Monday, September 25, 2006

People of The Book

I've read a lot about Pope Benedict's remarks and the outrage caused by his reference to a Byzantine Emperor's remarks about Islam and Mohammed.

The outrage was predictable, by the Muslims and by those who refuse to understand religion but feel compelled to comment about it. They brought up the Crusades. (No mention that the Crusades started because the "infidels" took over the Holy Land and were killing the pilgrims.) The Inquistion. The forced conversion of indigenous populations. (There lurks the idea that Frank McCourt gave voice to--that the natives were perfectly happy in their local religion and the conquerers had no business ruining their lives by converting them.)

However, one thing about having your religion written down is that you can look and actually compare it. And while the Koran does talk about forced conversions by the sword, the New Testament does not. In fact, the one time the sword is used by an apostle, Jesus tells him to put it away and heals the ear that was cut off. The conversion that happen on the first Pentecost, in the Acts of the Apostles, is due to the eloquence of the apostles. The Holy Spirit, speaking through them, touched the hearts of their audience.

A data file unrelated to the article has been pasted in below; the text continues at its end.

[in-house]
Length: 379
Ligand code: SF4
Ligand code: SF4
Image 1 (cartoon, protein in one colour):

The Evils done in the name of the Christian Religion were done by men and not at the direction of God. And there was probably as much carnage done to Christians by Christians and to non-Christians by Christians. (Doesn't excuse it; just demonstrates that religion has been misused.)

The Old Testament is pretty violent but I don't remember the violence being directed towards conversion. In fact, Jews have serious misgivings about prosletyzing and are even reluctant to convert the non-Jewish spouse in a mixed marriage. The battles I remember in the Old Testament were about freedom from oppression, securing their homeland, and protecting it.

I admit, I am not a scholar, nor to I have a Bible ready to hand to verify this. But I would have thought someone would have mentioned this.

So now Pope Benedict brings several leaders of Islam together and stresses the need for dialogue. Some commentators see that as groveling and appeasement. I see it as putting Islam on notice. Yes, Pope Benedict could have been more forceful. But his message was plain, especially the message about expecting reciprocal respect.

The imans had no comment, except for those from Turkey and Iraq. It's up to them to deliver the message. Will they?